Exposed: Why ugali, chapati are ‘sub-standard’
By Godfrey Ombogo
| Jul 12th 2018 | 3 min read
Only 28 per cent of maize and wheat flour on supermarket shelves meets the stipulated standards of micro-nutrient quantities, a Government survey has revealed.
Micro-nutrients are chemical elements or substance required in trace amounts for normal growth and development of living organisms.
Nutritionist Millan Ochieng’ says micro-nutrients such as iron, zinc and vitamin A are present in their natural forms in vegetables, fruits and meat.
“But how many Kenyans eat these foods in the required standards to get sufficient micro-nutrients? Most people even overcook vegetables, thereby losing the nutrients,” he said.
Mr Ochieng’ says the micro-nutrients improve people’s sights and skin tones and prevent diseases such as goitre.
“This is why the Government came up with a policy to fortify staple foods that most Kenyans consume to cater for the inadequacies of these micro-nutrients in their natural forms,” he said.
According to the findings by the Ministry of Health’s food safety unit, consumers are being deceived by manufacturers who label their products as fortified — containing extra nutrients.
The report says none of the 177 maize flour samples collected exceeded the regulatory level of 1.4 milligram per kilo for vitamin A. The highest level was 0.8mg/kg.
Only five per cent showed compliance to both iron and vitamin A, while 12 per cent showed compliance to both zinc and iron. “If official control provisions were to be followed, only 28 per cent of the samples should be placed on the market,” says the report. It calls for urgent interventions for correction and to protect consumers.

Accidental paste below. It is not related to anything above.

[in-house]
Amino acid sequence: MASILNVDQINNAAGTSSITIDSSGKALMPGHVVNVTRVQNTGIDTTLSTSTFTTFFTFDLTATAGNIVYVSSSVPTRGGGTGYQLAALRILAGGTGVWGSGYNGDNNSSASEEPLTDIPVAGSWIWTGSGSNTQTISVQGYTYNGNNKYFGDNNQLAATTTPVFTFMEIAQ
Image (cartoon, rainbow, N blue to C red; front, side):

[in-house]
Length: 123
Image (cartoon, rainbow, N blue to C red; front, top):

Kenya has prioritised four food products – maize and wheat flour, table salt and vegetable fats and oils – to be fortified in line with legal requirements enforced in 2012.
While 97 per cent of the 156 wheat flour samples collected for the survey showed compliance for total iron, 65 per cent had zinc levels below the minimum regulatory level of 40mg/kg.
The survey conducted between March and April focused on six counties of Kiambu, Kisumu, Machakos, Mombasa, Nairobi and Uasin Gishu.
These counties, according to the report, have high number of manufacturers of fortified foods and high customer population size.
The report says more than half of Kenyans are taking salt that does not meet the required standard of iodine levels of 50-84 mg/kg.
As for oils and fats, fortification is “very good” in terms of compliance to the regulation, but 73 per cent of the samples failed to attain the minimum vitamin A regulatory level.
Samuel Ochieng’ from the Consumer Information Network says the problem could be compounded in rural settings, where households largely consume unfortified products.
“Fortification is not just a fancy idea. It has lifelong implications for consumers and must therefore be done properly,” Mr Ochieng’ said last week during the Kenya Food Fortification Summit.
The summit was held to reflect on gains made in increasing content of essential micro-nutrients in processed staple foods.
According to Geoffrey Imathiu from the Meru County Association of Grain Millers, small-scale millers in Kenya continue to face a number of challenges, including technological, financial and human capacity. “We do not have proper equipment to do flour dosage and mixing. In addition, the cost of premixes and routine testing is very prohibitive to small-scale millers,” said Mr Imathiu.
Head of Preventive and Promotive Health Services Peter Cherutich said nutritional security and dietary diversification remained key components of Government’s Big Four agenda.
The Ministry of Health official assured consumers that Kenya had intensified multi-stakeholder engagements to fully address micro-nutrient deficiencies.
Kenya, he added, had made remarkable progress in fortification, which has seen reduction of goitre cases to six per cent from 35 per cent two decades ago.
The European Union has injected Sh350 million into ‘Strengthening the Kenya National Food Fortification Programme’. Part of the programme’s mandate is to establish a food fortification reference laboratory at Jomo Kenyatta University of Agriculture and Technology.
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